Background: Total use of anti-secretory medication (H2 blockers and proton pump inhibitors) is increasing rapidly, but knowledge of factors related to the increasing use is sparse.
Aim: To describe development in the use of anti-secretory medication between 1993 and 2002 at a population level.
Methods: We extracted data on use of anti-secretory medication (H2-blockers and proton pump inhibitors) and ulcerogenic drugs, demographic data, and data on gastroscopy and endoscopically verified oesophagitis and peptic ulcer diagnoses, from three large population-based databases covering the County of Funen, Denmark 1990-2002 (population 470,000).
Results: Between 1993 and 2002 incidence of first time users was stable at 16.7/1000 persons/year. Total amount of consumed anti-secretory medication increased from 10.5 DDD/1000 persons/day to 25.2 DDD/1000 persons/day. Ninety per cent of the increase was related to long-term use of anti-secretory medication (> or = 180 DDD/patient/year). In 1993 21% of the anti-secretory medication was used by patients with oesophagitis, this increased to 28% in 2002. The proportion of medication used by peptic ulcer patients decreased from 29% in 1993 to 19% in 2002.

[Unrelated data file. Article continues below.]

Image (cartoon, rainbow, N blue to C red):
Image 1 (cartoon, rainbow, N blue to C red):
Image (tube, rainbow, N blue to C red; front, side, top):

Conclusions: Total use of anti-secretory medication increased as a result of more extensive long-term use, and most of the medication was used by patients without diagnosed peptic ulcer or oesophagitis.
Copyright 2004 Blackwell Publishing Ltd